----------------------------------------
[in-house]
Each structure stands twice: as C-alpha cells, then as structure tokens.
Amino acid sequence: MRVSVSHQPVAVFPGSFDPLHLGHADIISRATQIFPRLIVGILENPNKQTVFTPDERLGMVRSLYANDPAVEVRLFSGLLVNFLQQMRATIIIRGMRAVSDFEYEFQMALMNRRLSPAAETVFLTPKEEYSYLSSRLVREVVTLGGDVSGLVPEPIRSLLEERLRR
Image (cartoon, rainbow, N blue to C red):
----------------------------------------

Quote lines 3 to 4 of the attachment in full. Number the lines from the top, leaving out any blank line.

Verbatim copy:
Amino acid sequence: MRVSVSHQPVAVFPGSFDPLHLGHADIISRATQIFPRLIVGILENPNKQTVFTPDERLGMVRSLYANDPAVEVRLFSGLLVNFLQQMRATIIIRGMRAVSDFEYEFQMALMNRRLSPAAETVFLTPKEEYSYLSSRLVREVVTLGGDVSGLVPEPIRSLLEERLRR
Image (cartoon, rainbow, N blue to C red):